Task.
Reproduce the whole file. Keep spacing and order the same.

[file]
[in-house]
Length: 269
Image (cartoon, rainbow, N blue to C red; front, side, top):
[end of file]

[in-house]
Length: 269
Image (cartoon, rainbow, N blue to C red; front, side, top):